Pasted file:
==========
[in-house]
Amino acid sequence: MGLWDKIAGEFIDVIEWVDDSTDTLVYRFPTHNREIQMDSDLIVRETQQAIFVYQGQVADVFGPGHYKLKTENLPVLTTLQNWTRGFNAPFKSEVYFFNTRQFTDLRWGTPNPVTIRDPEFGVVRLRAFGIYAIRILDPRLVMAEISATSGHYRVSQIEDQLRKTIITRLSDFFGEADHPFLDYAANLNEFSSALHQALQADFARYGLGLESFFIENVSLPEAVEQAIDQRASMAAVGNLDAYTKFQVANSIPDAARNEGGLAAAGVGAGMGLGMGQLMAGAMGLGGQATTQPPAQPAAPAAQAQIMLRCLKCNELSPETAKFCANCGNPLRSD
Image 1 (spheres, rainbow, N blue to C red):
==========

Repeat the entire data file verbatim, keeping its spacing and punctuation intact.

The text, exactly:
[in-house]
Amino acid sequence: MGLWDKIAGEFIDVIEWVDDSTDTLVYRFPTHNREIQMDSDLIVRETQQAIFVYQGQVADVFGPGHYKLKTENLPVLTTLQNWTRGFNAPFKSEVYFFNTRQFTDLRWGTPNPVTIRDPEFGVVRLRAFGIYAIRILDPRLVMAEISATSGHYRVSQIEDQLRKTIITRLSDFFGEADHPFLDYAANLNEFSSALHQALQADFARYGLGLESFFIENVSLPEAVEQAIDQRASMAAVGNLDAYTKFQVANSIPDAARNEGGLAAAGVGAGMGLGMGQLMAGAMGLGGQATTQPPAQPAAPAAQAQIMLRCLKCNELSPETAKFCANCGNPLRSD
Image 1 (spheres, rainbow, N blue to C red):